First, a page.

HumAnes of UCLA: Emma Huebner, MD, CA-3

Introducing Emma Huebner MD, CA-3 Resident Physician

Photo of Emma Huebner on bike ride

First off, thank you so much for being willing to share your story. Where are you from originally? Where did you grow up?

I am originally from Boulder, Colorado, but primarily grew up in Ventura, California. Ventura is a sleepy beach town known best for its surf spots and breakfast burritos. We occasionally refer to ourselves as “Ventucky” in comparison to our more glamorous neighbor Santa Barbara, but all joking aside, my hometown was a gem of a place to grow up in.

Where did you go for medical school? What made you become interested in anesthesiology?

Family ties to Nebraska nudged me out of my coastal California bubble to Omaha for medical school, where I attended the University of Nebraska. I quickly realized during clerkships that I gravitated toward acute care settings. I grappled with the decision to pursue either anesthesiology or emergency medicine, and after receiving wise counsel from physicians who remain steadfast mentors to this day, I settled on anesthesiology. I struggled with this decision during my CA-1 year; the learning curve in anesthesia is steep, and the OR environment took me a while to get used to. As I progressed in training, however, I enjoyed my job more and more with each passing month, and I am so grateful that my career found me the way that it did.

Where do you live in the city, and why did you pick it? 

Emma Huebner, MD, CA-3 with family members

I just moved the great distance of 0.6 miles from West LA to Brentwood. I am now farther away from my favorite coffee shop (Goodboybob Coffee Roasters) but closer to my favorite natural wine shop (Helen’s Wines, inside of Jon and Vinny’s). I bike to work most days; the morning commute is just long enough to allow the fresh air to wake me up a bit, and the evening commute is the perfect distance to unwind after a long day.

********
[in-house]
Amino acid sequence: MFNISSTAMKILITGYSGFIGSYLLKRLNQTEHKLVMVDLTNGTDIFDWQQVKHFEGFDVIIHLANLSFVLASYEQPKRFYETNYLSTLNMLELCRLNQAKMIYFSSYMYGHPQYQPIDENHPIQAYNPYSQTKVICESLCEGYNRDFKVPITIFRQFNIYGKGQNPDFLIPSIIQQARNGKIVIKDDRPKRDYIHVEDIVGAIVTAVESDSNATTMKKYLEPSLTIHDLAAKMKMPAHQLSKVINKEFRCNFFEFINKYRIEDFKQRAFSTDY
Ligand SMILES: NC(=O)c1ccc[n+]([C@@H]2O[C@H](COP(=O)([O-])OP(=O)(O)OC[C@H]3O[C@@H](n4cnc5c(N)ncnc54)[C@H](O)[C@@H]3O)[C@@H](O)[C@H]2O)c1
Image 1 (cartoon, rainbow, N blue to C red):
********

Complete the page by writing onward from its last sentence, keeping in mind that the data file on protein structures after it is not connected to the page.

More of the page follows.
When you're not at work, what do you do in your free time to decompress?

My most frequented places outside of the hospital include the Santa Monica Mountains, where I love to trail run and gravel bike, a local cafe for a cortado and carb-forward breakfast item, and of course my couch with a good book. Random book recommendations—I just finished Yellowface, which was great, and am now reading The Heaven and Earth Grocery Store, which is also excellent. The west side of LA has prime access to such beautiful places to run, bike, surf, hike, etc. And while I occasionally wish for slightly more exciting weather, the consistency of our sunny days allows for accessibility to everything LA has to offer, no matter the season or time of day.

What are your plans after this year? How did you come to that decision?

I will be pursuing a fellowship here in Anesthesiology Critical Care Medicine next year! It was a rather circuitous decision-making process on my part. (I wrote at length about this in a former DAPM Handoff issue.) I am incredibly grateful to get to stay at UCLA for fellowship, and I am excited to see where life takes me afterward as I begin my career as an attending!

Emma Huebner, MD, CA-3's dog